When a person needs to talk to a lawyer, he or she can take solace in knowing that the discussion with the lawyer will be protected by the attorney-client privilege. The attorney-client privilege offers protection from the very first meeting between the attorney and the prospective client. Since 1851, laws have recognized the attorney-client privilege, making it the oldest evidentiary privilege in California law.
Simply put, a client’s communication made in confidence to an attorney cannot be discovered by the opposing party or anyone in the world for that matter (except in a few instances discussed below). The reason for the privilege is clear: a client should feel free to tell his or her attorney everything and anything without fearing the information will be made public. In fact, even if the information is of vital importance, it will not be disclosed. An example of the broad-reaching effect of the privilege can be found in criminal law, where a criminal defendant’s lawyer cannot disclose to the prosecutor or the judge that his client admitted to the criminal act in confidence.
Even though some may argue that the privilege is too broad, in California the courts and the legislature have determined that the attorney-client privilege is warranted because the benefits derived from the privilege justify the risk that unjust decisions may sometimes result from the suppression of relevant evidence. (see Mitchell v. Sup. Ct. (1984) 37 Cal.3d 591, 599)
The law is clear that the actual content of the communications between the attorney and client are privileged and not subject to discovery (except in a few instances discussed below). However, the rules regarding the retention of an attorney are less clear. There are many reasons why the events and circumstances surrounding retention of an attorney might be considered relevant under the broad scope of discovery. For example, a client meeting with an attorney for the first time and who thereafter seeks medical treatment for his/her injuries might be discoverable to prove that the client only sought medical treatment because the attorney told him/her to as opposed to being truly injured. Conversely, if the circumstances surrounding the decision to retain an attorney are discoverable, such a rule could interfere with the attorney-client relationship and actually discourage a person form seeking the advice and counsel of an attorney.
To understand the exception, the client needs to know that the privilege applies “only to communications and not to facts.” Upjohn Co. v. U.S. (1981) 449 U.S. 383, 101 S.Ct. 677 (1981). Moreover, the privilege applies only to communications that are of a confidential in nature. California Evidence Code §§ 952, 954.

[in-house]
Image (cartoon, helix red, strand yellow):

The privilege does not protect independent facts about the communication as opposed to the content thereof. For example, in some instances, the opposing party may be permitted to discover that the client spoke with his attorney, when and where the conversation happened and the names of all persons participating in the conversation. State Farm Fire And Casualty Co. v. Sup. Ct. (1997) 54 Cal.App.4th 625, 640. The “independent facts” generally make up the information necessary to establish the foundation to support application of the privilege in the first instance. The attorney-client privilege simply cannot be properly invoked to protect all communications where the client was present; the conversation needs to be confidential and not in the presence of others (except in the presence other lawyers in the office of the assistants or secretaries of the lawyer). “Transmission alone, even where the parties intend the matter to be confidential, cannot create the privilege if none, in fact, exists.” See Suezaki v. Sup. Ct. (1962) 58 Cal.2d 166, 176
While it may seem that any fact surrounding attorney retention merits protection from discovery to promote free and unfettered discussions between the attorney and client, the fact that the client met with the attorney is not protected provided there is some relevance between the meeting and the dispute between the parties.
All clients should also know that there are a few exceptions to the privilege, such as intent to commit a crime, fiduciary duty within a corporation, and the death of a client. Of course, if the client consents to the disclosure, then the statements are no longer confidential and may be disclosed.
The intended message of this article is to let prospective clients know that they can tell their attorneys everything knowing that the attorney cannot divulge that information without the client’s consent. If you need a lawyer, even if it is just to clear your head, understand your rights, or learn of the potential outcomes, you can rest assured that your conversations will remain confidential.
William E. Waddell is the principle of the Law Offices of William E. Waddell. He is a graduate of the University of the Pacific, McGeorge School of Law; where he was awarded the “Best Trial Advocate Award.” Mr. Waddell handles personal injury, employment law and other matters.
Email: firstname.lastname@example.org; Telephone.: (310) 318-6398
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